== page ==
The inspector tells me to put on the high beam. I put on the high beam. The inspector tells me again and again to put on the high beam because, apparently, I am not putting on the high beam at all. I am simply turning the headlights on and off. It suddenly hits me, unlike a high-beam of light, that I do not remember where to find the switch for the high beam; in my vehicle. The first thought that comes to my logical, scientific mind, I kid you not, is that they should do this part of the inspection, about lights and high beam, at night. Don’t you think so?

Memory loss can be an awful thing, especially since you may not remember that you cannot remember. And so here I am asking myself if I am one of the 35 million people in the world suffering from Alzheimer disease. Have I lost my memory, my cotton-picking, cane-cutting mind?

I remember that the disease got its name from the German psychiatrist and neuropathologist, Alois Alzheimer, who first described the disease in1906. So my memory is good; great. But I had read about Alois Alzheimer over 30 years ago in medical school and in the early stages of Alzheimer the most common symptom is difficulty in remembering recent events. Ah! Surely I don’t have Alzheimer because I hardly use my high beam and most likely I have not used it in recent times. Or have I? Lord, let me see the light; the high beam.

Maybe I should call my mechanic. Or maybe I should just stay here and wait until nightfall. But changes in behavior and eccentric thinking do occur in Alzheimer.

At least it may be in the early stages. But what about the later stages when memory loss for long term events creeps in? Will I remember anything about the fight for reparations for slavery? And how will my family and friends cope with my confusion, irritability, aggression, difficulties with language and mood swings?

By that time I will not be legally allowed to drive and the instructor will not bother me, as I sit in my stationary vehicle, coming from my imaginary service station, driving all over the island, without high beam, music blasting, sailing away from family, friends and society. At least I will still have music, if I remember to turn on the real radio, instead of the blasting radio in my head.

Can it be that it is the instructor who has Alzheimer? Maybe I turned on the high beam and he forgot. After all, it may take a long time for Alzheimer to develop before it is recognized. And after diagnosis, the average life expectancy is about 7 years. Quick. I should exit the vehicle to warn the poor fellow.

How will I explain to him that the cause of this disease is not clear? He might think I just do not remember. Maybe he reads a lot and he knows that the main risk factor for Alzheimer is age and that the incidence of the disease doubles every 5 years after 65 years of age, even though Alzheimer is not necessarily the outcome of aging. He is probably in his late forties so I should advise him (if he will remember) that some cases of Alzheimer run in families and can occur earlier in life than the more common, non-familiar, sporadic type.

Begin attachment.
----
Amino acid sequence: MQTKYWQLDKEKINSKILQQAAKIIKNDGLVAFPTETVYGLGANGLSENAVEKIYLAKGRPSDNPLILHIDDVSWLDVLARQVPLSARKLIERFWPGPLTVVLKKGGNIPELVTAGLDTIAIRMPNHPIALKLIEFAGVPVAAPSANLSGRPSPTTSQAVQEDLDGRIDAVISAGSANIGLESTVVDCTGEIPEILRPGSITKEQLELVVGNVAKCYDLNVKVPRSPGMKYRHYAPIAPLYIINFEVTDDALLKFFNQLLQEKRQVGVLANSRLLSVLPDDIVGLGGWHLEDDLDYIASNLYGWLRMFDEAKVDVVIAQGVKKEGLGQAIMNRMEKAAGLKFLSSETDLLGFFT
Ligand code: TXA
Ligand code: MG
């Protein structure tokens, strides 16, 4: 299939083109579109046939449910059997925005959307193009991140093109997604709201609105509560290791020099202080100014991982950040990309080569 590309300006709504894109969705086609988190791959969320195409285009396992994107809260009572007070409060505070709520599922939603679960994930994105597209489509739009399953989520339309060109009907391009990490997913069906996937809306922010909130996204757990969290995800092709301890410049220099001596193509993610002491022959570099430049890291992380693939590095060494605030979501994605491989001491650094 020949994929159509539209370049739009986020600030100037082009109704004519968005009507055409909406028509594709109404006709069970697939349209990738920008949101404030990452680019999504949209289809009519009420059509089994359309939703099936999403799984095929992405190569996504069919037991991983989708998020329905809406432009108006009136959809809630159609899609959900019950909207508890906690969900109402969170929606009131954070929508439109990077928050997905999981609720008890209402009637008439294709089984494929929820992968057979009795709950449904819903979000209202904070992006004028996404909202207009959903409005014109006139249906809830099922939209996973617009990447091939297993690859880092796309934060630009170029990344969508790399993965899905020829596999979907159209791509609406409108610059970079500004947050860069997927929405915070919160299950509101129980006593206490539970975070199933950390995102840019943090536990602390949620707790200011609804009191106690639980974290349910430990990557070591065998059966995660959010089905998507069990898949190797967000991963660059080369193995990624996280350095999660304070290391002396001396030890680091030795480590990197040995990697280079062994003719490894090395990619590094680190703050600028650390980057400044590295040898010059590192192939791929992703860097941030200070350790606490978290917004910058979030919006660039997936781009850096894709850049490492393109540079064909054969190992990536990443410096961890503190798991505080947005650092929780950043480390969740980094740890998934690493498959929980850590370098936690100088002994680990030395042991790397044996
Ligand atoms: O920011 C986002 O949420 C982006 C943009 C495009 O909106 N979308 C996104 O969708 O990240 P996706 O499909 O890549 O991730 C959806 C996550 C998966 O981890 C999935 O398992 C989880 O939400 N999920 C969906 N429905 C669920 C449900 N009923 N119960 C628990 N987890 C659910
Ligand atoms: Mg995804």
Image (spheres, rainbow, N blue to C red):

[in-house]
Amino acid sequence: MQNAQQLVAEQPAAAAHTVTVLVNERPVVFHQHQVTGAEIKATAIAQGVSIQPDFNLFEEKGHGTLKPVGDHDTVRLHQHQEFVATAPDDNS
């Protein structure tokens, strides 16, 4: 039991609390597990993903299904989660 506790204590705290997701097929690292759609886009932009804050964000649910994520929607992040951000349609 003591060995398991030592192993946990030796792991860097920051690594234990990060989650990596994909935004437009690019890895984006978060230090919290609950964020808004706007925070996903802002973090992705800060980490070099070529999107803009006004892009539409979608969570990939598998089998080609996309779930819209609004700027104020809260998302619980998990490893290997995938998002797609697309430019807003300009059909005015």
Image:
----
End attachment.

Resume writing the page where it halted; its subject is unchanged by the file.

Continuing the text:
The mere mention of plaques and tangles in the brain in Alzheimer might sound odd to him. More confusing might be that the plaques are due to a normal protein in the brain that has folded into an abnormal shape. Worse, I will have to tell him that the enigma of Alzheimer is that the biological function of this normal protein is unknown. Almost like me not knowing about my high beam; in my vehicle.

I will also have to say that there are tangles in the brain because another protein is altered and it reacts with more protein to form tangles that can affect the brain’s function. Similar to the tangle in which I find myself over the high beam.

When I tell him that evidence suggests that Alzheimer may be delayed by a balanced diet, mental stimulation and exercise, he may recommend that I leave the vehicle, go for a walk, and call someone to show him the high beam.

So here I am walking on what I suspect is Factory Road, wondering as I wander why I am walking seemingly aimlessly on the road. And where is my vehicle?

I may not remember where my vehicle is located. I may not recall names, faces, or which political party to vote for, even if they take me to the polls. But there is one, single, solitary thing in my ambling, rambling solitude of which I am certain; as certain as night follows day; or is it the other way round? I am absolutely, dead certain, as cars pass cars and swerve to avoid me (or is it each other?), that wherever my vehicle is located, the high beam is unquestionably not on.

Saturday, February 15, 2014

Jah Know Jabow

For Lowell Jarvis

I know the man
I know his name
I know his warming smile
I asked myself just bout 6 hours ago
What has become of him, and is he in pain
I know the man
I know his name
I know his steely grin
I asked myself months ago “what the ‘badwud’ is this”
When I saw the name
On the request form with the surgical specimen
To the pathology lab it came
I know the man
I know his name
I know his Grammar School
And so I don’t think he will mind
If I quote a line
Or two
Do you?
From A Grammarian’s Funeral
By Robert Browning
“Our low life was the level’s and the night’s;
He’s for the morning”
I know the man
I know his name

(Dr. Lester Simon)